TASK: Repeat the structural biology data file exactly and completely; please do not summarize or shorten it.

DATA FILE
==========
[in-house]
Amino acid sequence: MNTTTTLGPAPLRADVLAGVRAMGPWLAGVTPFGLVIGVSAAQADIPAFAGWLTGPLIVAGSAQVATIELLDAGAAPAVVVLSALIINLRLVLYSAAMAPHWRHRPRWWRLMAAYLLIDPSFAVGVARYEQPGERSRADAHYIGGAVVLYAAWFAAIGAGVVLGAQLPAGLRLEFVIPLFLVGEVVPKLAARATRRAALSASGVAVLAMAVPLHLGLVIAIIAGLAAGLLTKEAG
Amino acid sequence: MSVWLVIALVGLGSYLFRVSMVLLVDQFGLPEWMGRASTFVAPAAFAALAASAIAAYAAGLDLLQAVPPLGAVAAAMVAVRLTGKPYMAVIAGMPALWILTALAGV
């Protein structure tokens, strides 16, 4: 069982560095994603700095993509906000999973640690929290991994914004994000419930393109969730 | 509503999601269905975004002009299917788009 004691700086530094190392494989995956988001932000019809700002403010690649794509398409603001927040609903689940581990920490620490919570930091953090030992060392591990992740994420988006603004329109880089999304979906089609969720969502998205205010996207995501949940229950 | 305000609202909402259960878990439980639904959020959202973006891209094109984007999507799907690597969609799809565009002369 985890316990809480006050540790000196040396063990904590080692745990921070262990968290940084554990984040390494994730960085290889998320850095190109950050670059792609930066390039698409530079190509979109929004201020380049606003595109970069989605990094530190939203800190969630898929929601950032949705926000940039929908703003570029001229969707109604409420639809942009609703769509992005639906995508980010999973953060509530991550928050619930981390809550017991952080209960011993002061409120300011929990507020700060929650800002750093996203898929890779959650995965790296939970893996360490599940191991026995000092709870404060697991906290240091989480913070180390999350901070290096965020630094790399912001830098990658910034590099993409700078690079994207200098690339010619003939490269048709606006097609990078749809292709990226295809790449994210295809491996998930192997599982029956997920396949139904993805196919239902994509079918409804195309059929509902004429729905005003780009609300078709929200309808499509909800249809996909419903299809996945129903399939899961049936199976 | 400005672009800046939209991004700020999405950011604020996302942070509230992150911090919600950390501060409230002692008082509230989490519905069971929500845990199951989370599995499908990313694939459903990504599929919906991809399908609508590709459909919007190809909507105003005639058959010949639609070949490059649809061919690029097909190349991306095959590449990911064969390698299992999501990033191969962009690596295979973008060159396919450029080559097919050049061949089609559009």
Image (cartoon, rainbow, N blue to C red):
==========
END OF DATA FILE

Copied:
[in-house]
Amino acid sequence: MNTTTTLGPAPLRADVLAGVRAMGPWLAGVTPFGLVIGVSAAQADIPAFAGWLTGPLIVAGSAQVATIELLDAGAAPAVVVLSALIINLRLVLYSAAMAPHWRHRPRWWRLMAAYLLIDPSFAVGVARYEQPGERSRADAHYIGGAVVLYAAWFAAIGAGVVLGAQLPAGLRLEFVIPLFLVGEVVPKLAARATRRAALSASGVAVLAMAVPLHLGLVIAIIAGLAAGLLTKEAG
Amino acid sequence: MSVWLVIALVGLGSYLFRVSMVLLVDQFGLPEWMGRASTFVAPAAFAALAASAIAAYAAGLDLLQAVPPLGAVAAAMVAVRLTGKPYMAVIAGMPALWILTALAGV
């Protein structure tokens, strides 16, 4: 069982560095994603700095993509906000999973640690929290991994914004994000419930393109969730 | 509503999601269905975004002009299917788009 004691700086530094190392494989995956988001932000019809700002403010690649794509398409603001927040609903689940581990920490620490919570930091953090030992060392591990992740994420988006603004329109880089999304979906089609969720969502998205205010996207995501949940229950 | 305000609202909402259960878990439980639904959020959202973006891209094109984007999507799907690597969609799809565009002369 985890316990809480006050540790000196040396063990904590080692745990921070262990968290940084554990984040390494994730960085290889998320850095190109950050670059792609930066390039698409530079190509979109929004201020380049606003595109970069989605990094530190939203800190969630898929929601950032949705926000940039929908703003570029001229969707109604409420639809942009609703769509992005639906995508980010999973953060509530991550928050619930981390809550017991952080209960011993002061409120300011929990507020700060929650800002750093996203898929890779959650995965790296939970893996360490599940191991026995000092709870404060697991906290240091989480913070180390999350901070290096965020630094790399912001830098990658910034590099993409700078690079994207200098690339010619003939490269048709606006097609990078749809292709990226295809790449994210295809491996998930192997599982029956997920396949139904993805196919239902994509079918409804195309059929509902004429729905005003780009609300078709929200309808499509909800249809996909419903299809996945129903399939899961049936199976 | 400005672009800046939209991004700020999405950011604020996302942070509230992150911090919600950390501060409230002692008082509230989490519905069971929500845990199951989370599995499908990313694939459903990504599929919906991809399908609508590709459909919007190809909507105003005639058959010949639609070949490059649809061919690029097909190349991306095959590449990911064969390698299992999501990033191969962009690596295979973008060159396919450029080559097919050049061949089609559009």
Image (cartoon, rainbow, N blue to C red):